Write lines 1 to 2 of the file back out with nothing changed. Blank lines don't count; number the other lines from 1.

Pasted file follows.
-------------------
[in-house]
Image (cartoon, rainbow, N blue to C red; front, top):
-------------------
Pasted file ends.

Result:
[in-house]
Image (cartoon, rainbow, N blue to C red; front, top):